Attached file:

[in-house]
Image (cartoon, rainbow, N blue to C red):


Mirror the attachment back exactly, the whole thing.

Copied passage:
[in-house]
Image (cartoon, rainbow, N blue to C red):